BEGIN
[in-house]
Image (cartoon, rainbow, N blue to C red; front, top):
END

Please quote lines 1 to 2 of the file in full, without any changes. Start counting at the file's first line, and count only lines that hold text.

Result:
[in-house]
Image (cartoon, rainbow, N blue to C red; front, top):